Recently in Privacy Category

A state appellate court panel in California issued a decision on Jan. 29, 2010, allowing a lawsuit to proceed against the California Highway Patrol (CHP) and two of its officers for disseminating photos depicting a dead woman's body at the scene of an auto accident, on the grounds that the deceased's family members had a sufficient privacy interest in the photographs.

An Italian judge convicted three Google executives of violating Italy's privacy law on Feb. 24, 2010, after a 2006 user-generated Internet video of teenagers bullying a disabled boy was posted on a Google-maintained website. The three executives each received a six-month suspended sentence.

On March 1, 2010, the U.S. Supreme Court declined to hear an appeal from Hustler magazine, allowing a right-of-publicity lawsuit filed against the magazine by the mother of a deceased professional wrestler to continue.

The California Supreme Court has permitted one claim in an invasion of privacy suit to proceed against a college professor who allegedly misrepresented herself to the plaintiff’s former foster mother in order to acquire information about the plaintiff. The Court denied the defendants’ motion to strike the suit entirely in February 2007, and remanded it to the lower court for further proceedings to determine whether the defendant’s alleged actions constitute highly offensive conduct that would give rise to tort liability for intrusion.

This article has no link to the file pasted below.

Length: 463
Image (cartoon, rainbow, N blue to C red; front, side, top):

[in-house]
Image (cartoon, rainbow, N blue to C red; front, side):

In the most recent segment of a 10-year legal battle, the full panel of the U.S. Court of Appeals for the District of Columbia Circuit ruled May 1, 2007 that the First Amendment does not protect Rep. Jim McDermott (D-Wash.) from liability for disclosing an illegally recorded audiotape.

Ohio Supreme Court Recognizes False Light Claim

A dispute between neighbors led the Ohio Supreme Court to recognize the tort of false light invasion of privacy June 6, 2007. The 6 to 2 decision in Welling v. Weinfeld, 866 N.E.2d 1051 (Ohio 2007), called media concerns “overblown” and argued the pervasiveness of the Internet makes privacy protections increasingly important.

The Florida Supreme Court declined to recognize the tort of false light invasion of privacy on Oct. 23, 2008 in a unanimous opinion that held the tort’s chilling effect on protected speech outweighed its potential to create a new remedy for a narrow class of wrongs.

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This page is an archive of recent entries in the Privacy category.

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